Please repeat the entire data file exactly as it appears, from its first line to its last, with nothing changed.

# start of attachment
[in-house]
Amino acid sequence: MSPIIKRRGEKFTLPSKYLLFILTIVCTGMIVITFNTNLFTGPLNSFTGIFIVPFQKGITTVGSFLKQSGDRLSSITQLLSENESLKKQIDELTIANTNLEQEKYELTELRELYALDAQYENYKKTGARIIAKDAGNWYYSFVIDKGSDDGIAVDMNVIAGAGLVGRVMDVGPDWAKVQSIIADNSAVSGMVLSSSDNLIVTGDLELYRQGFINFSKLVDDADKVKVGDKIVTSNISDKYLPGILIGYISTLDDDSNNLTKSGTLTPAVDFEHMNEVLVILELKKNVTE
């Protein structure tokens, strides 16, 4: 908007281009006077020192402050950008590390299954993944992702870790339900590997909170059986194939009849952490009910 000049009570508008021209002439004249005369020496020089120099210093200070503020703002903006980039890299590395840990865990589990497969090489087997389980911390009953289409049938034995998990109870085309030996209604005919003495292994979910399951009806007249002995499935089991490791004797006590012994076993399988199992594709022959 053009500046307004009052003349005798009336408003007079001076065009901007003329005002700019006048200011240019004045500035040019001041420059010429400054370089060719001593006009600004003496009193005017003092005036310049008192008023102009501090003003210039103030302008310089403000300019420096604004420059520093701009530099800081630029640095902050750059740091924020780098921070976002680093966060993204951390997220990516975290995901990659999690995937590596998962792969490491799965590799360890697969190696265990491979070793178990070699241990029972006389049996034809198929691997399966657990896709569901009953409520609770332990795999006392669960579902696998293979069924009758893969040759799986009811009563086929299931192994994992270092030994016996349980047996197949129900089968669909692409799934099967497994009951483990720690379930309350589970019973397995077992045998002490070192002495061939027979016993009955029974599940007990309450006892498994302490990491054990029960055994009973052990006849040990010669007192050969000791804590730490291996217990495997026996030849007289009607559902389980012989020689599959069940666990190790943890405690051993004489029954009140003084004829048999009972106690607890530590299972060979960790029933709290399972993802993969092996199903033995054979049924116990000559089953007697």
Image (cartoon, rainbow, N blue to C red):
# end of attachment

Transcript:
[in-house]
Amino acid sequence: MSPIIKRRGEKFTLPSKYLLFILTIVCTGMIVITFNTNLFTGPLNSFTGIFIVPFQKGITTVGSFLKQSGDRLSSITQLLSENESLKKQIDELTIANTNLEQEKYELTELRELYALDAQYENYKKTGARIIAKDAGNWYYSFVIDKGSDDGIAVDMNVIAGAGLVGRVMDVGPDWAKVQSIIADNSAVSGMVLSSSDNLIVTGDLELYRQGFINFSKLVDDADKVKVGDKIVTSNISDKYLPGILIGYISTLDDDSNNLTKSGTLTPAVDFEHMNEVLVILELKKNVTE
């Protein structure tokens, strides 16, 4: 908007281009006077020192402050950008590390299954993944992702870790339900590997909170059986194939009849952490009910 000049009570508008021209002439004249005369020496020089120099210093200070503020703002903006980039890299590395840990865990589990497969090489087997389980911390009953289409049938034995998990109870085309030996209604005919003495292994979910399951009806007249002995499935089991490791004797006590012994076993399988199992594709022959 053009500046307004009052003349005798009336408003007079001076065009901007003329005002700019006048200011240019004045500035040019001041420059010429400054370089060719001593006009600004003496009193005017003092005036310049008192008023102009501090003003210039103030302008310089403000300019420096604004420059520093701009530099800081630029640095902050750059740091924020780098921070976002680093966060993204951390997220990516975290995901990659999690995937590596998962792969490491799965590799360890697969190696265990491979070793178990070699241990029972006389049996034809198929691997399966657990896709569901009953409520609770332990795999006392669960579902696998293979069924009758893969040759799986009811009563086929299931192994994992270092030994016996349980047996197949129900089968669909692409799934099967497994009951483990720690379930309350589970019973397995077992045998002490070192002495061939027979016993009955029974599940007990309450006892498994302490990491054990029960055994009973052990006849040990010669007192050969000791804590730490291996217990495997026996030849007289009607559902389980012989020689599959069940666990190790943890405690051993004489029954009140003084004829048999009972106690607890530590299972060979960790029933709290399972993802993969092996199903033995054979049924116990000559089953007697």
Image (cartoon, rainbow, N blue to C red):